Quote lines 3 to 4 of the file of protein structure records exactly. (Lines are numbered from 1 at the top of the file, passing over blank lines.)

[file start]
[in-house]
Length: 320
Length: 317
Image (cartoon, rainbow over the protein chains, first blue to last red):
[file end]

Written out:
Length: 317
Image (cartoon, rainbow over the protein chains, first blue to last red):